Leaders of ASCs are responsible not only for safeguarding the health of their patients, but also for making wide-ranging management decisions that affect the facility’s risk management, efficiency, and productivity.

The day-to-day duties of running an ASC are complex and time-consuming, and ASC managers and administrators need ongoing support from an accounting and financial services provider they can trust completely. MedHQ earns this confidence from clients by providing timely, thorough, and accurate financial reports, as well as detailed analysis and expert advice geared toward maximizing their business performance.

The MedHQ accounting team’s goal is to focus on the business side of running an ASC, so surgery center management can focus on their patients. MedHQ’s healthcare accountants have decades of experience in the industry and understand every step of the healthcare revenue cycle. With services tailored to each client’s specific needs, MedHQ’s accounting team acts as trusted advisors to their clients.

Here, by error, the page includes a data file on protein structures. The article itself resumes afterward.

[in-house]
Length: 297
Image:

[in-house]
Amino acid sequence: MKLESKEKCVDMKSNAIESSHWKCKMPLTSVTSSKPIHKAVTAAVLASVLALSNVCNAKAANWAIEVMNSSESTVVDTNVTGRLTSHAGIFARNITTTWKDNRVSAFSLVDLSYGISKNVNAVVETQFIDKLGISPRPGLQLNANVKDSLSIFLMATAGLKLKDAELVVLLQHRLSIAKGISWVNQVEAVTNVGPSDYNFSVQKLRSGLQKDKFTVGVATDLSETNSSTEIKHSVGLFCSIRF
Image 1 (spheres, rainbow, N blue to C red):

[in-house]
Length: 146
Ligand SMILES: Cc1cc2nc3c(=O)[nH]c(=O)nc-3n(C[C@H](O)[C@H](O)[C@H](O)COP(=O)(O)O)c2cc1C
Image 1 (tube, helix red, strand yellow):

The MedHQ accounting team offers ASC clients an accurate, up-to-date picture of their financial affairs. But they go beyond that in their services, paying close attention to important details that might be overlooked, and staying on top of key metrics that aren’t always tracked.

These accounting services help clients reduce their risk, increase their revenue, and save money by avoiding expensive errors, discovering cost-saving opportunities, and improving everyday efficiency. By leveraging their extensive knowledge of the healthcare revenue cycle, MedHQ helps ASC leaders make informed decisions about their business.